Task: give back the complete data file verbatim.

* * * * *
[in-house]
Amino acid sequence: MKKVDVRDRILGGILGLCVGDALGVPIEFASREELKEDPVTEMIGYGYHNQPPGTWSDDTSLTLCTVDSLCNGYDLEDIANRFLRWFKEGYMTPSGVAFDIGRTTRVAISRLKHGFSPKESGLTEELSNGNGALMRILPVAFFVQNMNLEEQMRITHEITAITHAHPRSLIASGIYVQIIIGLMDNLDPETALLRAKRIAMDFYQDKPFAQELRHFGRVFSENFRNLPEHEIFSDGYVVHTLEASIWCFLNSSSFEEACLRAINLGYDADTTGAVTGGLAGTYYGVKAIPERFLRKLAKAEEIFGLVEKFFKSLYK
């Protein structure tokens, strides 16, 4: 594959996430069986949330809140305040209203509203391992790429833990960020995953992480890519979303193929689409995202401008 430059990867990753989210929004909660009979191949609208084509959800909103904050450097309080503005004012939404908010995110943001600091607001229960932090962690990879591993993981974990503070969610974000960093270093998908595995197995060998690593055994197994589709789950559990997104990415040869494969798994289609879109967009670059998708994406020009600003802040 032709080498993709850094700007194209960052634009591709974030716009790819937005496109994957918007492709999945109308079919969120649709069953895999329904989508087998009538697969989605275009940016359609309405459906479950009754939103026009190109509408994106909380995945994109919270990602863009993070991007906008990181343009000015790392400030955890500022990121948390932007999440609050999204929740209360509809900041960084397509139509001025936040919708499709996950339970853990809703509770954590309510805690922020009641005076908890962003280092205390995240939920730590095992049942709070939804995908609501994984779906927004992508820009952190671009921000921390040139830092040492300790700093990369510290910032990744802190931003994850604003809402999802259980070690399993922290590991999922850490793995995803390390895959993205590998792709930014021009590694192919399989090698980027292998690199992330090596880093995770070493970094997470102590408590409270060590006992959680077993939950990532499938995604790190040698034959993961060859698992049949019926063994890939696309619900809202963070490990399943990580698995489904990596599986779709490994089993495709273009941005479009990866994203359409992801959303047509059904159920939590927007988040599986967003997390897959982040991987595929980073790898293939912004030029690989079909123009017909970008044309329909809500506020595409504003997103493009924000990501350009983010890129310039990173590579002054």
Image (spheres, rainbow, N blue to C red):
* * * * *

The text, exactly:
[in-house]
Amino acid sequence: MKKVDVRDRILGGILGLCVGDALGVPIEFASREELKEDPVTEMIGYGYHNQPPGTWSDDTSLTLCTVDSLCNGYDLEDIANRFLRWFKEGYMTPSGVAFDIGRTTRVAISRLKHGFSPKESGLTEELSNGNGALMRILPVAFFVQNMNLEEQMRITHEITAITHAHPRSLIASGIYVQIIIGLMDNLDPETALLRAKRIAMDFYQDKPFAQELRHFGRVFSENFRNLPEHEIFSDGYVVHTLEASIWCFLNSSSFEEACLRAINLGYDADTTGAVTGGLAGTYYGVKAIPERFLRKLAKAEEIFGLVEKFFKSLYK
């Protein structure tokens, strides 16, 4: 594959996430069986949330809140305040209203509203391992790429833990960020995953992480890519979303193929689409995202401008 430059990867990753989210929004909660009979191949609208084509959800909103904050450097309080503005004012939404908010995110943001600091607001229960932090962690990879591993993981974990503070969610974000960093270093998908595995197995060998690593055994197994589709789950559990997104990415040869494969798994289609879109967009670059998708994406020009600003802040 032709080498993709850094700007194209960052634009591709974030716009790819937005496109994957918007492709999945109308079919969120649709069953895999329904989508087998009538697969989605275009940016359609309405459906479950009754939103026009190109509408994106909380995945994109919270990602863009993070991007906008990181343009000015790392400030955890500022990121948390932007999440609050999204929740209360509809900041960084397509139509001025936040919708499709996950339970853990809703509770954590309510805690922020009641005076908890962003280092205390995240939920730590095992049942709070939804995908609501994984779906927004992508820009952190671009921000921390040139830092040492300790700093990369510290910032990744802190931003994850604003809402999802259980070690399993922290590991999922850490793995995803390390895959993205590998792709930014021009590694192919399989090698980027292998690199992330090596880093995770070493970094997470102590408590409270060590006992959680077993939950990532499938995604790190040698034959993961060859698992049949019926063994890939696309619900809202963070490990399943990580698995489904990596599986779709490994089993495709273009941005479009990866994203359409992801959303047509059904159920939590927007988040599986967003997390897959982040991987595929980073790898293939912004030029690989079909123009017909970008044309329909809500506020595409504003997103493009924000990501350009983010890129310039990173590579002054």
Image (spheres, rainbow, N blue to C red):